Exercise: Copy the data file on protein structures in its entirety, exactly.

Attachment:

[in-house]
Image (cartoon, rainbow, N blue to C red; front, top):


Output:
[in-house]
Image (cartoon, rainbow, N blue to C red; front, top):